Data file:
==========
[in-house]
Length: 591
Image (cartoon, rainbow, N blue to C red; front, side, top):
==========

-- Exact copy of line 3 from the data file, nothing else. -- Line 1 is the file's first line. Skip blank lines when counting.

Image (cartoon, rainbow, N blue to C red; front, side, top):